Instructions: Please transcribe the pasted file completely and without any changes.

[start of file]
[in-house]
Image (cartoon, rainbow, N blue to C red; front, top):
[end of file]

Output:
[in-house]
Image (cartoon, rainbow, N blue to C red; front, top):